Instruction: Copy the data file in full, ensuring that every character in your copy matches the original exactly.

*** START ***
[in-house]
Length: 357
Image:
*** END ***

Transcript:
[in-house]
Length: 357
Image: